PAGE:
Jace I am curious how taking on that role on top of acting suited you, having, as you say, that creative input in the process?
Lesley Well, in a way my involvement as an executive producer demands my attention, really, before we start shooting. It’s a kind of preparatory part of the whole shoot. So it’s not a day-to-day thing. Once I’m up and running and shooting and, you know, my involvement, I was always very clear that why I wanted to be an executive producer was to help with the set-up of the creative team and actors. It isn’t to go out and raise money. It isn’t to do any of the day-to-day chores of being a producer, because of course I’m wearing my acting hat by that point. So it was just to have a hand in, you know, who the other actors were going to be and who might direct. So it was all of that was really done and dealt with before we started shooting.
Jace You use the word ‘unconventional’ to describe Susan Ryeland. And I do think you excel at playing unconventional women who clash against the conventional. Do you think that that’s a commonality to the roles that you seek out?
Lesley Um. I guess so, yes. I guess I am looking for people who are perhaps unconventional. But it’s always character driven. And they might not always be unconventional, but I try to play people who have got something about them that is slightly a break from the norm. So I suppose that is unconventional, isn’t it? That I’m using the same language. Yeah, I guess I do, really, I guess I do. It is a theme, well spotted. I mean, although I have to say, I think with Susan Ryeland, I’m calling her unconventional, but I do think women like her are less unconventional than they might have been 20, 30 years ago. You know, I know many women who are career women who are over 50, over 60 still forging ahead with a very active career path and who have chosen not to be married and have chosen not to have children. And I sort of, I don’t really see them as unconventional, although I think that was the word I used to describe Susan Ryeland. But I’m happy to say I think women who are choosing that lifestyle now, that’s the life they’ve chosen. It’s, they’re not stigmatized in any way or labeled so much. It’s that’s just a choice that they’ve made. And nobody kind of shirks at it anymore or thinks of it as strange.
Susan How did you meet?
James Internet. There’s a website I used. Rentboys. I charge three hundred quid an hour. I hope that doesn’t shock you.
Susan Not at all.
James He was still married at the time. I was just a commodity. And then, you know, one thing led to another and…
Susan And now you get everything.
James Did Khan tell you that?
Susan He mentioned that Alan was thinking of changing his will.
James Ah. That’s outrageous. Whatever happened to client confidentiality?
Susan He didn’t say anything else.
James Well, why should I deny it? Yes! I get everything. Do you think that’s why I pushed Alan off the tower? To stop him signing the new will?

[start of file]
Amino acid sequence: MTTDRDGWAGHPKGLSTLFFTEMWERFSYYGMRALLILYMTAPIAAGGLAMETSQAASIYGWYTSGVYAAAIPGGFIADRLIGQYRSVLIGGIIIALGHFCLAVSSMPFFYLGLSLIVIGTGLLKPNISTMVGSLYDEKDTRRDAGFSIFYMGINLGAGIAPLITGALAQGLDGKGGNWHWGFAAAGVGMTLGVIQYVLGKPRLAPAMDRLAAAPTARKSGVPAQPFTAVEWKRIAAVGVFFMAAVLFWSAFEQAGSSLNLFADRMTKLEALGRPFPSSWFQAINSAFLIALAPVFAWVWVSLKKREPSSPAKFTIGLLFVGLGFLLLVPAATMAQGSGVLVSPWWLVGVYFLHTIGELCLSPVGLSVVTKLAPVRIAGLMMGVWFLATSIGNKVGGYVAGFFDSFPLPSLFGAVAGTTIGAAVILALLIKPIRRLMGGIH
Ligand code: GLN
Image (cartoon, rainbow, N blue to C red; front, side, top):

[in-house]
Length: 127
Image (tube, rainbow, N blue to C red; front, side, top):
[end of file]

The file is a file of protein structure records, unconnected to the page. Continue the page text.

James I suppose I could have done that. I’ll show you if you like.
Jace You mentioned putting on different hats, so I’m going to put on my truth hat here for a moment. When I read the book for Magpie Murders, I thought that it was incredible, an amazing sort of meta text. And I found it to be potentially unadaptable, and I didn’t know how Anthony would be able to do it. But in watching these episodes and the first series, he has pulled it off seemingly so effortlessly, though I know there was an incredible amount of effort over two years. What were your concerns going in about him translating the book within a book format for the screen?
Lesley Yes. Well, I wasn’t concerned at all. I mean, I met them, as I say, some years ago now. And the scripts weren’t written. And I knew it was a complex issue and I knew that he was going to try and marry these two worlds so that there would be the only crossover of the two worlds that you have is with Susan Ryeland and Atticus. So it’s I kind of just thought, ‘Yeah, he’ll sort it out. I mean, he’s going to deliver this. He’s going to find a way of doing it.’ But then, of course, the other the other nod that we have to give is, it’s one thing writing it. And when he delivered these scripts, I was just bowled over with what he’d done with it, but then you do have to have a pretty good visionary director to pull it off. And Peter Cattaneo came with such a clear vision of how to take what Anthony had put on the page and make that work for the audience and sell it as this wonderful crossover of these two periods and these two different, but linked stories. And much credit goes to Peter Cattaneo as well. And also, I want to throw in a nod slightly going off the subject, but to the graphics department, I think the opening graphics, the title of the series is absolutely wonderful and just sets the tone for it brilliantly. It’s just wonderfully modern, but fantastically retro and not of this time as well. So it’s terrific. So, you know, it takes all teams really to bring things together. But yeah, I was pretty amazed with what Anthony managed to achieve. I mean, I don’t think anyone else could have done it really, if he’d have handed it over to another writer, because he must know that book — well, obviously he does — but that’s why you couldn’t hand it over to another writer is because they hadn’t written the book so they could not be so intrinsically knowledgeable about it, about the very fabric of it in the way that Anthony was. So he was the perfect person to do the adaptation. It’s clever stuff, isn’t it?